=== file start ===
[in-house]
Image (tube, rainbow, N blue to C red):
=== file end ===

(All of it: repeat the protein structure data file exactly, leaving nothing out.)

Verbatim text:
[in-house]
Image (tube, rainbow, N blue to C red):